by Alessandra Nilo – Latin America & The Caribbean Delegate
The discussion on the new Strategic Development Goals (SDG) is nowadays a key agenda for the United Nations. As happened with the Millennium Development Goals – MDGs(that were even considered by many as reductionist when compared to the set of commitments made at the UN Social Cycle in the 90s, but is now referred as the most far-reaching action outlined by the UN), the indubitable point at this stage is how the Post 2015 goals are set will determine how resources and power will flow globally?
Formally, the Post 2015 framework is obliged to take in consideration the interrelationship between the social, economic and environmental fields. But, in fact, being born from Rio +20, it has been controlled mainly by the environment and financial players, including the powerful corporations, which imposes challenges for those advocating for the “others” social themes.
In the AIDS field it is more complex: while our politicians are highlighting the success of the MDG goal 6 (and we have accomplished a lot, no doubt), the “outsiders of the AIDS world” translate it as if it is an already solved problem, requiring no special space in the new SDGs. We do not agree with this view, but we know that in a context of fierce competition, including HIV as an important theme in the Post 2015 framework, it is a huge challenge posed to AIDS activists.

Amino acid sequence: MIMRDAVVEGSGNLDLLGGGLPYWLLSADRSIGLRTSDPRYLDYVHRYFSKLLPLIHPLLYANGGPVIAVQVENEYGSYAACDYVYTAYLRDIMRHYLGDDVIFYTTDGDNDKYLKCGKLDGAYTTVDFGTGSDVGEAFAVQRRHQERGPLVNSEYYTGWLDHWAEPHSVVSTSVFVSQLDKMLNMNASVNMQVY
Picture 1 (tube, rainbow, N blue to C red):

Facing a major inflection point and with no time to lose in strengthening the Civil Society advocacy work at national and global levels, the PCB NGO Delegation, besides bring engaged on the Civil Society Working Group on AIDS in the Post-2015 Agenda, is participating in the UNAIDS and Lancet Commission to explore HIV and global health in the Post-2015 debate, which established working groups to respond the questions: What will it take to end AIDS? How can lessons from the AIDS response inform global health? How must the AIDS and health architecture be modernized to achieve sustainable global health?
The Lancet Commission work will be finished by February, but for sure it is aninitiative that Civil Society needs to engage with and monitorclosely. This is especially so because one key question for us is still: how should AIDS feature in the post-2015 development discussions? Of course, it is not an easy question to answer. But when it comes to defending specific policies to overcome AIDS, “easy” is an adjective that has never been part of our vocabulary. Those who follow the theme in the upcoming PCB will see how this turns out….